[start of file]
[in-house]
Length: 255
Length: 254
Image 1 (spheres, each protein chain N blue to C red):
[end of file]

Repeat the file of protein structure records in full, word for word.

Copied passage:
[in-house]
Length: 255
Length: 254
Image 1 (spheres, each protein chain N blue to C red):